Variety was the spice of Speyer’s reading habits. He stuck to nothing; resolved to trying out new methods, regardless of success. Others have been less patient, developing a practise which they repeat over and over again. One man I know goes on a five mile run before starting any novel. Another showers several times before picking up a newspaper. Still others will only read at night, under the covers, by the light of a torch. I went through a period of only reading on an empty stomach. Whatever gets you in the mood.

The Full Weight

Forty hours of reading would have had a very different effect on Speyer, for which reason he could only ever read in short bursts. He could keep going for a couple of hours, at most, pausing at intervals for necessary rests. Reading was like a sport to him; best done in forty-five minute spurts. He approached the task like a wrestler. Time was not as important as the energy expended during that time. ‘An hour’s worth of true engagement,’ he said to me once, ‘is worth a thousand hours of light reading. Reading must have weight behind it. The full weight of your mind, your body and your soul.’

The sage continues. Chapter Six, Part One.

Baked Books

There was once a fine tradition (which, for all I know, may be ongoing) of putting library books in the oven before reading them, in order to kill off the germs. Whether or not it worked is beside the point. What I liked about this process was the fact that I, as a reader, got to experience the pleasure of a hot book in my hands.

I recall my mother taking such a book out of the oven and passing it along to me as if it were a slice of baked apple pie. Some readers would have waited for the book to cool down, but I was no such reader. I liked to get going whilst the book was still steaming. It seemed to me like a glorious way to start a book. Even now I miss that feeling; of cradling a baking book in my grubby paws, turning the first few scalding pages, and of sensing the temperature lower as I eased my way into the narrative. How I miss those baked books days.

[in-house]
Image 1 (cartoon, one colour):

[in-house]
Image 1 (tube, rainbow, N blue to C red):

Watch the Bath Water

Last night at the Crippled Bee, Jean-Pierre Sertin leant over a sleeping man to ask me this:

‘I’ve been thinking, Georgy, about your post on tears. And what I’ve been thinking is this: how do you tell a tear stain from a bath water stain in a second-hand book?’

‘Talent, mostly,’ I reply, ‘which is to say that one trains oneself to spot such things. Tear stains, bath water stains, mineral water stains, vodka stains, rain stains: they may all look very similar, but any reader worth their lacrimal salt can tell them apart. I like to think that a tear stain softens a page; that it imbues that page with the emotion of the weeping reader. A rain stain, on the other hand, has a melancholy effect on a page. One can almost hear the pitter patter of the raindrops in the margins’.

‘Another drink?’

‘Why not?’

Five minutes later Sertin turns to me again and says:

‘Incidentally, what are your views on reading in the bath?’

‘I’m up for it,’ I admit, ‘as I am for reading in any environment, although I don’t recommend dropping books in soapy water. It makes the pages stick together.  If you can get your hands on a laminated book, however, there’s no need to fear’

‘Or,’ added Sertin, ‘if you can get your hands on one of Tosca Calbirro’s shower curtains

‘Well, indeed’.

Tears and Tears

In my recent discussion of the common smears and stains that readers might expect to find on second-hand texts, I forgot to mentions tears. That’s ‘tears’,the salty liquid that emanates from your eyes, as opposed to ‘tears’ in the pagealthough this is, you might say, an equally important way of marking one’s territory as a reader.

Let’s deal with the first ‘tears’ to begin with. How often do you find yourself crying into, or upon, a book? In the case of some poor readers, this is a frequent occurence. Yet I pity them not, What a way to respond to words! Any book that has been baptised in tears is a worthy book indeed. Of course, recognising a tear stain is no mean feat. Tears lack the punch of blood or coffee. They can easily be mistaken for water. And yet I like to think that I know when a book has felt a tear or two. There is something in the crumple of the paper. There is a certain quality to the faintly ruffled pages. And what’s that I hear? The echo of distant weeping, reverberating in the margins?

The other ‘tears’ are easier to spot. A torn page is a torn page is a torn page. It does not espect detection. And yet it shares something in common with a page which has been touched with tears. Which is to say that it has also invoked in the reader a strong physical reaction. It has driven the reader to do something dramatic. It has driven the reader to inforce themselves upon the text; to leave their mark right there on the page.

The best page, of course (and a holy grail for second-hand book lovers) is the one that has been marked by both kinds of tear. The page that makes you laugh, cry, and start ripping.